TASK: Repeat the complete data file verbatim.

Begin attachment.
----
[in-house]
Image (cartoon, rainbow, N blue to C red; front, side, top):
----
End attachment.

[in-house]
Image (cartoon, rainbow, N blue to C red; front, side, top):